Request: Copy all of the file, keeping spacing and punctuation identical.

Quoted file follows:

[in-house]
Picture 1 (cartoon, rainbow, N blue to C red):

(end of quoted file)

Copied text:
[in-house]
Picture 1 (cartoon, rainbow, N blue to C red):